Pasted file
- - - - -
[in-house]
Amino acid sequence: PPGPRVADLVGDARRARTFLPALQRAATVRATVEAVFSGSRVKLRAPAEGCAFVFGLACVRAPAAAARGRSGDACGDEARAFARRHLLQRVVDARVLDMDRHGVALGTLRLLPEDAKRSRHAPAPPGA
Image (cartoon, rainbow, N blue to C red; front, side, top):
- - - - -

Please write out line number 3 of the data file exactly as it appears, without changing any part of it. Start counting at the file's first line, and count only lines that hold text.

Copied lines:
Image (cartoon, rainbow, N blue to C red; front, side, top):